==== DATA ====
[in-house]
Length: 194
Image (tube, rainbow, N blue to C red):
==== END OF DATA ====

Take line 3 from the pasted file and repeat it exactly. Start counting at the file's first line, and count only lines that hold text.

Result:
Image (tube, rainbow, N blue to C red):